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UK and Ireland submit Euro 2028 bid with 10 venues in five countries | European Championship

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UK and Ireland submit Euro 2028 bid with 10 venues in five countries | European Championship

European Championship

  • Redevelopment work yet to begin at Belfast’s Casement Park
  • Cardiff, Glasgow, and Dublin would also see action

Two unfinished stadiums – including one that has not been used since 2013 – are part of the United Kingdom and Ireland’s final bid to co-host Euro 2028 that was submitted to Uefa on Wednesday.

Redevelopment work has yet to begin on a new 34,500-capacity stadium planned for Belfast’s Casement Park, which previously hosted hurling and Gaelic football but has lay dormant for almost a decade, with major doubts over how it will be funded. Meanwhile, Everton’s new stadium at Bramley Moore Dock – which was preferred to Liverpool’s Anfield on the original shortlist of 14 stadiums – is expected to open next year despite spiralling costs.

People walking past Casement Park in Belfast. Photograph: Liam McBurney/PA

They were both confirmed on the list of 10 stadiums submitted by the bid, which includes matches across venues in England, Scotland, Wales, Northern Ireland and the Republic of Ireland. Wembley, the Tottenham Hotspur Stadium, St James’ Park – which had been competing with Sunderland’s Stadium of Light – Villa Park and Manchester City’s Etihad Stadium have been selected as the host venues in England, while the Principality Stadium in Cardiff, Hampden Park in Glasgow and Dublin’s Aviva Stadium make up the list.

That means there is no place for Manchester United’s Old Trafford, which has the second-highest capacity of all football stadiums in England, after it was withdrawn from the shortlist following talks with the Football Association over concerns it would be available “due to potential redevelopment of the stadium.”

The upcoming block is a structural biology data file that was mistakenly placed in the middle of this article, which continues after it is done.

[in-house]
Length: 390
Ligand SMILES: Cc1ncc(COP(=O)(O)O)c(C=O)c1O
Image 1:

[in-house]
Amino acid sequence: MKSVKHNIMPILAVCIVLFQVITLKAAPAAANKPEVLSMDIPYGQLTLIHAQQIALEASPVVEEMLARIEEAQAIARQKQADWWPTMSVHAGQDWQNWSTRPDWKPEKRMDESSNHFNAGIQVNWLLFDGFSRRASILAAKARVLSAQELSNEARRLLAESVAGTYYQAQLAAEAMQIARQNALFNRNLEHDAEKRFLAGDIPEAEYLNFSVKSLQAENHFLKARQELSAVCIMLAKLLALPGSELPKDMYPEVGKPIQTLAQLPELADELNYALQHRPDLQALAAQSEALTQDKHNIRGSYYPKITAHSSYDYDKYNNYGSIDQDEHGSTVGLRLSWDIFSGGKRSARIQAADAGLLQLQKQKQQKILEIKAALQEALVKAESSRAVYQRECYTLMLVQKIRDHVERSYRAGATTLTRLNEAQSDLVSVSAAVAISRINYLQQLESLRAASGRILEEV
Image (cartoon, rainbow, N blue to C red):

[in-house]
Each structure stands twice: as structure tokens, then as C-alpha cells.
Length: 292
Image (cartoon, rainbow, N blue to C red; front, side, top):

Organisers hope can they see off competition from Turkey, with Uefa’s executive committee set to make a decision on hosting for Euro 2028 and Euro 2032 in September.

“Our pioneering five-way partnership will deliver a record-breaking and unforgettable Uefa Euro,” Debbie Hewitt, chair of UK and Ireland bid, said in a statement. “We will work together tirelessly to be the best partners for Uefa and to deliver on every one of our shared priorities. We will focus on growing football, connecting with and engaging new fans, players and volunteers.

“We continue to invest £50m (€57m) annually into grassroots football development across our five associations. Together, we want Uefa Euro 2028 to be the catalyst for a new and sustainable era for football, from the grassroots to the very top of the European game.”

Support from all governments involved in the bid came in the form of a joint statement from prime minister Rishi Sunak, Scotland first minister Humza Yousaf, First Minister of Wales Mark Drakeford and Taoiseach Leo Varadkar.

“Together, our nations will host an outstanding Uefa Euro 2028,” it read.
“It will be the biggest sporting event our islands have ever jointly staged – a passionate and unforgettable celebration, with long-term benefits for our cities and communities as well as all European football. Our governments are fully committed to hosting Uefa Euro 2028. Drawing on our collective experience of hosting major events, we will work with our five Football Associations and Uefa to deliver the best possible tournament – a welcoming, exciting and safe football festival that players, fans and the entire Uefa family will enjoy in every city and at every game.

Sunak added: “Football has a habit of creating special memories and in 2028 we want to create new memories for a new generation – across England, Scotland, Wales, Northern Ireland and Ireland. This would be the biggest sporting event our islands have ever jointly staged. Our bid promises not only world-class stadia, excellent transport links and the world’s best fans but also the opportunity to build a lasting grassroots legacy.”

The bid carries the slogan ‘Football for all, football for good, football for the future’, and claims 80% of ticket-holders would be able to travel to matches by public transport. It also predicts benefits of up to £2.6bn for the nations involved.

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